As the National Law Center on Homelessness and Poverty notes, a growing body of research comparing the cost of homelessness – including the cost of criminalization – with the cost of providing housing to homeless people shows that ending homelessness through housing is the most affordable option over the long run.
With state and local budgets stretched to their limit, rational, cost effective policies are needed.
Lastly, arrests, unaffordable tickets, and the collateral consequences of criminal convictions make it more difficult for people to exit homelessness and get back on their feet.
COCs receive funds from HUD under the McKinney-Vento Homeless Assistance Act to provide direct services to the homeless people in their communities.
However, as the report by the National Law Center on Homelessness and Poverty in the link below details, there are serious concerns with the accuracy of the data obtained – that it actually significantly underestimates the number of homeless in the US.
This link is to a page where you may drill-down to every Continuum of Care (COC) in the US to view several years of data on homelessness. This data is the result of the annual Point in Time (PIT) count conducted nationwide. I encourage you to take a look and see what homelessness looks like in your community. If you have any questions, please contact us anytime!
A Bigger Vision, who brought us the films “Uncharted” and “Under the Bridge”, is working on a new documentary called “Beyond the Bridge: A Solution to Homelessness”. What is this solution? It is called Housing First and it is a proven model that provides immediate access to permanent supportive housing for homeless individuals with mental health and addiction challenges. Please check out the web site at bit.ly/EndHomelessCrisis to learn more!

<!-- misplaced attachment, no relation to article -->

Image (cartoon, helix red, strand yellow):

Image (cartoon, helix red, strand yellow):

It is both delightful and sad when I come across a homeless person with artistic talents. They are to me like diamonds in the rough, lost and forgotten by society. This sculpture of a tree was made for us by one of our homeless friends as a token of appreciation for the help we’ve given him. When I saw the sculpture, which, to me, is equal in beauty to the pieces of art that I’ve seen in galleries and gift shops, I couldn’t help but wonder. . . What if he is discovered by certain influential people with connection to rich people who would appreciate his art and buy it? Would he then be able to start a business making sculptures and get out of homelessness? Perhaps I’m just dreaming. But I’ve got to try to help make it happen for him. So here is my effort to share his art work, hoping that somewhere out there, someone with such influence and resource would feel moved to help him in ways that I cannot.
Lost diamonds. . . So many of them out there, homeless in Indianapolis.
Coming soon: information on Indy School on Wheels and Outreach, Inc – two organizations working to help children and young people experiencing homelessness in the Indy area